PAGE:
In long-range striking power and layered air and missile defense, such a warship would become the new centerpiece of the battle Fleet. As such, it would be supported by the previously mentioned mix of Ford -class and new STOVL strike carriers. That battle force combination would provide Fleet commanders with a more flexible warship mix and combined-arms capabilities with which to maintain sea control, assure access, respond to crises, maintain freedom of decision, action, and Fleet maneuver, and to support expeditionary presence, engagement, and power-projection operations in peace, contingency, and war.
Holding Adversary Capabilities at Risk
As an example of A2/AD thought and planning that faces fleets, Fig. 3 illustrates the Chinese leadership’s and the People’s Liberation Army Navy’s view the Pacific terrain and the first and second island barriers (or island-defense chains) vis-à-vis the operational reach of their ballistic and cruise missiles, submarines, and long-range aviation strike assets. Those same island chains are also critical barriers to eastward expansion affecting Chinese ocean access, sea lines of communication and supply, freedom of action, and the defense of their mainland, if viewed from the U.S. perspective.
Use and control of those first and second island chains by the Chinese require the development and construction of not just long-range air and missile forces, but also large and expensive conventional combat fleets capable of out-of-area operations and mine clearance, fleet logistics support, and expeditionary power-projection landing forces and capabilities. 7 As the map illustrates, the island chains sweep through and affect most of the current Pacific allies of the United States. Additionally, in the Chinese view, a third island barrier chain runs through Hawaii, which is considered the strategic depth/rear area for the United States. 8
The continent and the two barrier-island chains represent potential sanctuary areas for conventional mobile ballistic- and cruise-missile-firing units as well as submarine, naval, and air force expeditionary aviation, and fleet concentration areas from which strikes can be conducted against both U.S. and allied forward bases, a rapidly reinforcing Navy Fleet, and embarked expeditionary MAGTF. Currently the U.S. joint force and allied fleets lack extended-range conventional warship or MAGTF means to rapidly counterstrike, suppress, and gradually eliminate fixed and mobile missile-firing assets as they uncover and fire. As the sophistication and precision of adversary long-range antiship ballistic and cruise missiles increases, a rapid Fleet and MAGTF missile counterstrike capability coupled with strong and layered defenses becomes vital for combat success.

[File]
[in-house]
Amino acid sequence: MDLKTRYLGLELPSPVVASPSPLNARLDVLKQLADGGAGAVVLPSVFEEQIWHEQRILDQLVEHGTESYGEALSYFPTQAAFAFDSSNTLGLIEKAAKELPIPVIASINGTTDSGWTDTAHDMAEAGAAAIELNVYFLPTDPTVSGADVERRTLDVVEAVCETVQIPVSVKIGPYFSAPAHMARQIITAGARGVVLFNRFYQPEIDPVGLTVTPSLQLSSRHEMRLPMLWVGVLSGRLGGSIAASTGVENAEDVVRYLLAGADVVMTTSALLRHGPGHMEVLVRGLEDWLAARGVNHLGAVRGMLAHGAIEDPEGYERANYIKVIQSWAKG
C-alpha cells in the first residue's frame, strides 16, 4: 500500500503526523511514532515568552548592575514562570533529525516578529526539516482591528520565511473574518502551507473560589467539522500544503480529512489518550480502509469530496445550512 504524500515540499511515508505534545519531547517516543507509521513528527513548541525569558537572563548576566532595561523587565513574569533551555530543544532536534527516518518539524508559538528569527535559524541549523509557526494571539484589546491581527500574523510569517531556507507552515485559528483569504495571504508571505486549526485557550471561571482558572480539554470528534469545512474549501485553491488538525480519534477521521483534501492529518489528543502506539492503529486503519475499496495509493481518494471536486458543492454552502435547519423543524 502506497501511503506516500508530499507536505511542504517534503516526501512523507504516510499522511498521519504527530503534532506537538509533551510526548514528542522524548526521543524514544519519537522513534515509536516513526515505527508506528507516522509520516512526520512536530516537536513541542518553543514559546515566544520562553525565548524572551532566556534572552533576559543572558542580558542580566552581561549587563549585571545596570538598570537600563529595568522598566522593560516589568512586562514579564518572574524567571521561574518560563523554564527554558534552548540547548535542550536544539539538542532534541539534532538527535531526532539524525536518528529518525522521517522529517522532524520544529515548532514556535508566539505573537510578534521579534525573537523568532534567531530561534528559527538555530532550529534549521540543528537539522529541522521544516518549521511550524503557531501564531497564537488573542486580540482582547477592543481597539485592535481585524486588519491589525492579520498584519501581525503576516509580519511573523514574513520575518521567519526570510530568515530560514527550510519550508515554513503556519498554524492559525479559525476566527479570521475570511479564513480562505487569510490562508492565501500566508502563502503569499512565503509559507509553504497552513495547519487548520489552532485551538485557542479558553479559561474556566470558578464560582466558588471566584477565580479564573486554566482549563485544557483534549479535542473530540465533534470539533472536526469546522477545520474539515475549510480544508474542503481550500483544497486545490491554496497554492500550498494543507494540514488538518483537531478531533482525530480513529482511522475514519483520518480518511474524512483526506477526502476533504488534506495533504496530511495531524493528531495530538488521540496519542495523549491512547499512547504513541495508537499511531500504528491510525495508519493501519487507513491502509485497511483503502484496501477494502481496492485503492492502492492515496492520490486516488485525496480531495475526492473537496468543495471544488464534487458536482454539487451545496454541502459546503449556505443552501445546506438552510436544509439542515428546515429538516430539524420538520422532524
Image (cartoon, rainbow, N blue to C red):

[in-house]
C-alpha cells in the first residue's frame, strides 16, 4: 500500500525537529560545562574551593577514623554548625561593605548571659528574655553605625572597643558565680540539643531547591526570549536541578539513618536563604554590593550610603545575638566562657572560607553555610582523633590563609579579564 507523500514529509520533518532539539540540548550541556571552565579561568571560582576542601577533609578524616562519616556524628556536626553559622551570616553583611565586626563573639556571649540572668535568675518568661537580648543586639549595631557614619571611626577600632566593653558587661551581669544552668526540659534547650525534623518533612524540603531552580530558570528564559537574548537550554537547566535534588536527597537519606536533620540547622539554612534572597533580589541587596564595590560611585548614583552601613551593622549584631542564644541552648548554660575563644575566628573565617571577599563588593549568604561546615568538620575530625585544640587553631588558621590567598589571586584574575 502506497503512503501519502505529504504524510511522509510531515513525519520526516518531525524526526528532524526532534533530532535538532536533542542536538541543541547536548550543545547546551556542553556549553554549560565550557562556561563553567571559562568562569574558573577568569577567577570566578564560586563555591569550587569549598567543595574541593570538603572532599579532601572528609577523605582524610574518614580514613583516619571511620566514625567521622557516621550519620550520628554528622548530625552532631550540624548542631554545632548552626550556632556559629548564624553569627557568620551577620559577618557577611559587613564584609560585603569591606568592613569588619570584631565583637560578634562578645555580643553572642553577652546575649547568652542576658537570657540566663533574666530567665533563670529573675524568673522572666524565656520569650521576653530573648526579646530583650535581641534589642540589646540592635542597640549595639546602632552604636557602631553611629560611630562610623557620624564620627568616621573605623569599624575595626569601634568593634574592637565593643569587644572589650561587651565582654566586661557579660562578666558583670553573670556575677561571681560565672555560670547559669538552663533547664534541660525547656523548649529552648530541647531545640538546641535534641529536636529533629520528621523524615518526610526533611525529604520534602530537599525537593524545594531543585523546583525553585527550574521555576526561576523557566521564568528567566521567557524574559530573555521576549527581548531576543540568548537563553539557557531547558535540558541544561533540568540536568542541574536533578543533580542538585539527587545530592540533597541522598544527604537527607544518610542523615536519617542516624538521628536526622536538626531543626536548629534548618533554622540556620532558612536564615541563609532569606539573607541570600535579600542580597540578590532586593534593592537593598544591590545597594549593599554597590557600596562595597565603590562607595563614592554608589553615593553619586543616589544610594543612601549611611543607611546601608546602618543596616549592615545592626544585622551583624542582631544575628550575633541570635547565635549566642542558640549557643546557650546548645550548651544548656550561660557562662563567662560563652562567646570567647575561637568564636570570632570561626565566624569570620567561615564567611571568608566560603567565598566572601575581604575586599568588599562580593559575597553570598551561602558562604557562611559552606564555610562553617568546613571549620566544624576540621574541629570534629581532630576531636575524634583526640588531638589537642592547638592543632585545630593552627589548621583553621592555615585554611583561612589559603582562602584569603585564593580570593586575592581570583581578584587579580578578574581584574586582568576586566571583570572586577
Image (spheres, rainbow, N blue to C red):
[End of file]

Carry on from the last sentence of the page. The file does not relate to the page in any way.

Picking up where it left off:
A ballistic-missile counterfire/suppression and defense capability could be provided by a new 21st-century battle cruiser. Those warships would be comparatively ugly, highly utilitarian, effective, and cost-effective, armed and equipped as noted above. Potential options to consider leveraging and costing would include: alteration of retiring combatants such as the Austin -class amphibious transport docks (LPDs), eventually older Aegis cruisers, or dock landing ships of the LSD-41/49 class as it is replaced; modification of existing combatant hull designs under construction, such as the DDG-51 Arleigh Burke - and Zumwalt -class destroyers, San Antonio -class LPDs, or littoral combat ships, where weight, open space, and power are available; alteration of some logistic and strategic-sealift hull designs such as the joint high-speed vessel, the T-AKE dry cargo/ammunition ships, or the T-AKR fast deployment logistic ships; or even the adaptation of large or small commercial variant oil/cargo/container/fast sealift ship hull forms in the 12,000–25,000 ton range. The development of a U.S. warship design described herein will be a key Fleet asset in the future.